This weekend we bowed our heads together in prayer, as we have often done.
Now we must draw on the strength we find in God to confront the challenges we face head on, without fear or reservation. We must return our attention to the important issues, from which we cannot allow ourselves to be distracted and we must find renewed vigour to address those problems facing the most vulnerable in our country.
We must embrace the spirit of cooperation and work together to determine the best solutions, sharing wisdom and experience wherever possible. However, we should also not be afraid to call those out who are not doing their bit, or those whose actions do not match their words. After all this is the spirit of frank talk and sincerity that is talked about in the bible.
The reality today is that aside from fasting there are a growing number of Zambians who face the prospect of hunger on a daily basis. In fact, the 2015 Global Hunger Index has ranked Zambia as the third hungriest country in the world, well below our Southern and East African neighbours to whom we export maize. This is a shocking finding, particularly in a country that has not suffered from conflict and has been boasting bumper harvests from 2004.
Recent pressures from millers to raise the mealie meal price are just one part of the story, and with fertiliser prices also up; prices of the commodity will rise further. It is clear that what is needed is reform of the sector and an overhaul of the support available to our farmers, millers and businesses operating in the sector so they can deliver more output at a lower price.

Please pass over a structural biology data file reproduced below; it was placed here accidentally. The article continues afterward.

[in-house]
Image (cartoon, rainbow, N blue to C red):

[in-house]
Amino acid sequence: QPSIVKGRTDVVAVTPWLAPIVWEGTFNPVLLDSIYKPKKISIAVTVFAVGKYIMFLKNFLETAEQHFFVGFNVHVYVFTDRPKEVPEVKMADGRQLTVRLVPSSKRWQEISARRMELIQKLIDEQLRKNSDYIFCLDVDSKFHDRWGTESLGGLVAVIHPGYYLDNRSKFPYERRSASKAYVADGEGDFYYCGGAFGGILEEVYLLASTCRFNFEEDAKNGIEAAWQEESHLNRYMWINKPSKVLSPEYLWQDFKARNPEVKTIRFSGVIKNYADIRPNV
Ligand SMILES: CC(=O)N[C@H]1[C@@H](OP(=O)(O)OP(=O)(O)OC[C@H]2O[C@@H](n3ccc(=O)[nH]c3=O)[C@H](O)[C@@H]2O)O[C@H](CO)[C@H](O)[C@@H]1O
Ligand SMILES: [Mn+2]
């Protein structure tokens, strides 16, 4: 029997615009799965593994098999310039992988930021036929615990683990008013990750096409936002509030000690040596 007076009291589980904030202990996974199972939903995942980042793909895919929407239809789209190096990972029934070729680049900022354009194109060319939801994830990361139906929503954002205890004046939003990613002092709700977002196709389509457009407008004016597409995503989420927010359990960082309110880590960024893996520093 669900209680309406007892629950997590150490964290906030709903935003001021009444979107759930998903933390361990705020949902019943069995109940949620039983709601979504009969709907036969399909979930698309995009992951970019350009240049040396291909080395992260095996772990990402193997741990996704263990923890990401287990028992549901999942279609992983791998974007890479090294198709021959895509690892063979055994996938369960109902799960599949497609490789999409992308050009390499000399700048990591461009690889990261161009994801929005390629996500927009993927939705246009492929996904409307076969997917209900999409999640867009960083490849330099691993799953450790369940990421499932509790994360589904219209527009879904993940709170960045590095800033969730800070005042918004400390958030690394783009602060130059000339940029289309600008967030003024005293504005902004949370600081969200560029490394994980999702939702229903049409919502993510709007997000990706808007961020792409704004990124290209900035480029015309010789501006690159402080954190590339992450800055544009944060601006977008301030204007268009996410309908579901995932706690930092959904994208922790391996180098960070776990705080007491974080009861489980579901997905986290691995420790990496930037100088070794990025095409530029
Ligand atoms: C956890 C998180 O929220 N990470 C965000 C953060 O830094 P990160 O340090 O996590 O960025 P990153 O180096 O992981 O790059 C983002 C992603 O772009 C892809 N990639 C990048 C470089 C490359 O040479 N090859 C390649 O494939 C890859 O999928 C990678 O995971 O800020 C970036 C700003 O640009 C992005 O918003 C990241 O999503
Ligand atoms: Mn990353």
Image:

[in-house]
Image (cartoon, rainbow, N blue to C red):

As the economy struggles and jobs are lost there must be an additional drive from Government to relieve the burden on businesses and incentivise start-ups and investment that will create jobs. The direct contribution of these activities to Government revenues may be modest in the short-run, but by employing and paying staff they can increase the circulation of money in the economy.
A third area of critical importance is water and sanitation. Improvements in this area have been slow to be delivered. With water shortages and sanitation concerns, particularly in urban areas, there is a heightened risk of disease and sickness that we must prepare ourselves for. Unfortunately the recent budget sets aside K3 billion more for servicing debt than it does for investing in our healthcare sector, once again far short of the 15% of GDP Zambia has pledged to invest under the Abuja declaration.
Under a UPND Government, we would have a re-ordering of priorities to invest more in these areas of critical importance, we would also use the money budgeted strategically. For example, where funds are limited interventions such as training and employing community healthcare workers are low cost but high impact interventions that also create permanent jobs.